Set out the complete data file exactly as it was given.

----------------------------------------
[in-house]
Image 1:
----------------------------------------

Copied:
[in-house]
Image 1: